I am a Driver-Partner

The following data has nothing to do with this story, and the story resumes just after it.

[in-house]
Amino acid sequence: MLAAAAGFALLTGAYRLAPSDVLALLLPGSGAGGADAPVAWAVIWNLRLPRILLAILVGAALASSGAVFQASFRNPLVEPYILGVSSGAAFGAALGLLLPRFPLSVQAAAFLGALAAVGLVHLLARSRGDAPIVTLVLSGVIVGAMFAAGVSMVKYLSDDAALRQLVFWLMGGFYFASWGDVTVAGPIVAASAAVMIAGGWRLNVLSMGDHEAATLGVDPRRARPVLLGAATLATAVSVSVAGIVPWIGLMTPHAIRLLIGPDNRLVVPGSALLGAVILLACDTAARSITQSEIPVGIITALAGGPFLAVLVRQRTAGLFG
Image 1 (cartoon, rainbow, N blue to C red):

What does it mean to be a worker in the sharing economy? How is this subjectivity produced by the algorithmic performativities infused into these platforms and how, in turn, is this subjectivity negotiated with? To investigate this question, this article examines the particular algorithmic system of Uber, a labour platform which connects passengers with self-employed ‘Driver-Partners’. Using the notion of the machine, it explores the intentions and agencies embedded in two strategic intersections of matter. The Partner-Management-Messaging machine attempts to shape the behaviour of the Driver-Partner through an array of messaging and motivational techniques. The Driver-Partner responds ambivalently through strategies which both collaborate and conflict with these operational logics. The ViolentFlesh-Passenger machine delves into the informatic notion of the body which Uber maintains and the concrete processes that constantly reinforce this notion. However, this informatic identity fails to fully exhaust the possibilities of the corporeal, highlighting the disparity between this ostensibly ethereal and largely vestigial driver and the violent actions nevertheless carried out by bodies on other bodies. These cases exemplify the negotiations and contingencies which are ever present within algorithmically regulated systems of labour.